There are two main areas of meadows at Roots and Shoots now - the old ground in the Wildlife Garden and the newer meadow areas of the Lambeth Walk Open Space.  

The old meadow of the Wildlife Garden is changing and the description below is now largely historical.  The poor summers of 2012 and 2013 and the indifferent summer of 2014 seriously damaged the original colonies of knapweeds and scabious.   Furthermore, the crowns of the oak and the indian horse chestnut are now expanding and significanlty reducing the area of ground open enough for sun-loving meadow plants.  Once, there was a lot of wild marjoram, for example, surrounding the oak tree - now almost completely shaded out by its expanding canopy.  The habitat is thus now more like a small woodland clearing with permanent grassland than a meadow area.

Meadow Plants

Plants in the old meadow from 1999 to around 2012 included: Geranium pratense (Meadow Cranesbill), Centaurea nigra (Hardheads or Knapweed), Centaurea scabiosa (Greater Knapweed), Knautia arvensis (Field scabious), Dipsacus fullonum (Common Teasel), Oreganum vulgare (Wild Marjoram), Lotus corniculatus (Bird's-foot Trefoil), Agrimonia eupatoria (Common Agrimony). Of these, only meadow cranesbill and common agrimony have survived well with some bird's-foot trefoil around the margins of the pond.  There is some wild marjoram left next to the path by the espalier apples.  Toadflax Linaria vulgaris is now scattered around this permanent grassland.

Plants that were periodically re-planted to maintain their representation included Chrysanthemum leucanthemum (Oxeye Daisy) and Cichorium intybus (Chicory) - they don't seed themselves well into the hard soil (the chicory is happier to come up betwen the paving slabs!) Hypericum perforatum (Perforate St John's Wort) has recently been established - though it is difficult to keep going here in the long term - again due to soil conditions (it is doing well in the other meadows, below). Some Senecio jacobaea (Ragwort) is tolerated each year - partly to cater for the beautiful cinnabar moth (Tyria jacobaeae) and partly for educational reasons - it is a toxic plant. There was a very good range of native grasses which produced a fine interweaving with the knapweeds, scabious and teasels. 

Attracting Insects

Alongside the declining diversity in the flora we have also noted changes in the invertebrate fauna.  The same poor summers more or less did for our grasshopper populations - with only small numbers surviving in the new meadows (see below).  The old summer meadow attracted a very wide range of insects - solitary bees, bumble bees, hoverflies, butterflies and moths. Notable were breeding populations of large and small skipper (Ochlodes sylvanus and Thymelicus flavus), Meadow Brown (Maniola jurtina) and Speckled Wood (Pararge aegena) using the grasses as larval food plants; Common Blue (Polyommatus icarus) and Six-spot Burnet moth (Zygaena filipendulae) using the Bird's-foot Trefoil; Comma (Polygonia c-album), Painted Lady (Cynthia cardui), Red Admiral (Vanessa atalanta) on the hops and nettles neighbouring the meadow.  The butterflies were badly hit in 2012 and have only gradually reappeard in 2014 and 2015 (see the invertebrate records).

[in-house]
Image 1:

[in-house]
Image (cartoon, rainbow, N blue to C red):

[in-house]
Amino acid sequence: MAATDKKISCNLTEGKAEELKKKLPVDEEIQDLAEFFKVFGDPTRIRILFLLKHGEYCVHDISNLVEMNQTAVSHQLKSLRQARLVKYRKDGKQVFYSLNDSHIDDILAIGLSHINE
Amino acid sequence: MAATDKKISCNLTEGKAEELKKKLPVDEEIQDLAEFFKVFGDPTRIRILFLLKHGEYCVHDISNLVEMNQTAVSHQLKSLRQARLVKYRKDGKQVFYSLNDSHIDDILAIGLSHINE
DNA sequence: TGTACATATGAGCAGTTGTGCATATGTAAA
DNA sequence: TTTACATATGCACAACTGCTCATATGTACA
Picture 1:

Two species of grasshopper were well established in the old meadow - the Common Field Grasshopper (Chorthippus brunneus) and the Meadow Grasshopper (Chorthippus parallelus). Their large numbers filled the air with song in the hot afternoons of June, July and August.  After 2012 this song has been missing from the Wildlife Garden and you have to concentrate to hear it in the new meadows on Lambeth Walk Open Space.

In August 2001 the first male Long-winged Conehead (Conocephalus discolor) was seen in the long grass of the meadow. This is a relatively rare cricket - in the 1980s it was restricted to sites on the south coast and in the New Forest. Females were seen later and mating observed on 26th September. One part of the meadow close to the apple espalier path was never cut in the previous year and this had probably encouraged them to stay to breed. Long-winged Coneheads lay their eggs in the stems of uncut grasses and sedges. The same part of the meadow has therefore been left uncut since then. Nymphs were seen in June 2002 and both nymphs and adults again in June and July 2003. The population is now well established and is regularly producing 'winged forms' to colonise other areas - such as the new meadows in the Lambeth Walk Open Space. Furthermore we were also able to attract another unusual cricket - Roesel's Bush Cricket (Metrioptera roeselii) in 2003 - a female was seen during the Open Evening event on 9th July and the following day in the same area of uncut meadow. Young were seen in 2004 and 2005 though none were seen in 2006. This species has also now become fully established and has colonised Lambeth Walk Open Space. Both species have good and bad years according to weather conditions - se the invertebrate records. Nationally they have moved northwards over the last decade of climate change and are both much more frequently found as far as the Midlands. Roesel's Bush Cricket is now recorded in the north and even Scotland.